Demonetization: In his televised address to the nation on November 8, 2016, Prime Minister Narendra Modi declared that the two currencies will be “simply useless pieces of paper” going forward.
In an effort to combat the accumulation and circulation of domestic illicit money, the Indian government announced the demonetisation of all 500 and 1,000 rupee banknotes on this day, November 8, six years ago.
The two currencies will be “simply useless piece of paper” with immediate effect, Prime Minister Narendra Modi declared in his televised speech to the nation on November 8, 2016, before introducing new notes of Rs 2,000 and Rs 500 for widespread use.
Although many have hailed it as a “bold” move, the Opposition has criticized the BJP government throughout the years, labeling the choice a “failure.”
Six years later, Congressman Rahul Gandhi criticized the action taken by the nation’s BJP-led administration in a tweet on Monday. In his words, “With the promise of ’50 days,’ the ‘Raja’ did the DeMo-lition of the economy with demonetisation.”
What was and what changed
On October 8, 2021, there were Rs 28.30 lakh crore in circulation. In addition, as The Indian Express noted, currency in circulation (CIC) rose from 10.7% of GDP in 2017–18 to a record high of 14.4% of GDP in 2020–21.
The data, which claims that cash with the public recorded a new high of Rs 30.88 lakh crore at the fortnight ending October 21, 2022, was used by opposition lawmakers to criticize the demonetisation decision. “Six years after the’masterstroke,’ the cash available in the public is 72% larger than that in 2016,” claimed Congress President Mallikarjun Kharge. PM has not yet acknowledged this monumental error that caused the economy to collapse.
Cash continues to rule the market as the preferred method of payment, despite the RBI and other government organizations’ efforts to promote a “less cash society.” Despite the public’s access to a variety of digital payment options, businesses still rely on cash for all phases of a transaction. 15 crore people who lack access to a bank account continue to rely on cash as their primary form of payment.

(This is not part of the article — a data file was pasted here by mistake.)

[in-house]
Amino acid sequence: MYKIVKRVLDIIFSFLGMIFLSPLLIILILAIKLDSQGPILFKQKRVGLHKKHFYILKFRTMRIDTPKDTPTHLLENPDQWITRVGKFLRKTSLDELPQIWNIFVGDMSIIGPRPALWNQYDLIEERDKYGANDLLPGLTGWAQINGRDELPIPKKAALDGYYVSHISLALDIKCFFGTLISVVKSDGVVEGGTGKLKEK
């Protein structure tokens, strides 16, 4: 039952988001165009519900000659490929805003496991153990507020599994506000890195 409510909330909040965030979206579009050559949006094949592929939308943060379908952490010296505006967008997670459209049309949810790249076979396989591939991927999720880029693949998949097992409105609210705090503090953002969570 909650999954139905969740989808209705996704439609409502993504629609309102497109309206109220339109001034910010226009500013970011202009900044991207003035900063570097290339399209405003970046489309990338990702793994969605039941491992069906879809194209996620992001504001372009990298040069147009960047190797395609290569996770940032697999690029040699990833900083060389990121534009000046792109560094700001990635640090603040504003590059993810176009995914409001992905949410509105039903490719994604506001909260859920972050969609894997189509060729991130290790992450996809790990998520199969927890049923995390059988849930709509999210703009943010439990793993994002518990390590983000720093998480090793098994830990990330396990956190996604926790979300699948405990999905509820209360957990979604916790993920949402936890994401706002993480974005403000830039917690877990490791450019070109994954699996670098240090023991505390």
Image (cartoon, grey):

Over the past six years, leaders of the opposition parties have organized a number of protests against the “damage” the action has allegedly done to the nation’s economy.
In 2016, there was a shortage of money due to the abrupt withdrawal of notes, and there were huge lines outside banks. According to reports, some 115 people passed away while waiting in line to withdraw money from their bank accounts. Additionally, it was said that the new Rs. 500 and Rs. 2000 banknotes circulated slowly.
The economy had been shaken, with demand decreasing, enterprises going through a crisis, and GDP growth declining by about 1%. Many small units were severely impacted, and many still reported significant losses nine months later.
Left-wing parties in the days following PM Modi’s statement in 2016 demanded a 12-hour bandh in the nation’s capital. In opposition to the decision, the AAP and Congress both organized separate protests and marches.
A year later, in 2017, the Gujarat Jan Andolan, under the direction of Nirjhari Sinha, made the decision to protest the demonetisation effort by rolling pins on steel plates at the Sardar Baug in Laldarwaja, Ahmedabad.
While opposition leaders and organizations criticized the PM Modi-led NDA administration for “wrecking” and “ruining” the nation’s economy, the Indian Youth Congress organized a protest outside the RBI headquarters in 2018. Also announcing rallies across the nation, the Congress party demanded an apology from Prime Minister Narendra Modi.
2019 also saw protests by the Gujarat Pradesh Congress Committee against the BJP, the country’s slowing economy, unemployment, and banking sector crises at the taluka, district, and state levels throughout Gujarat from November 8 to 15.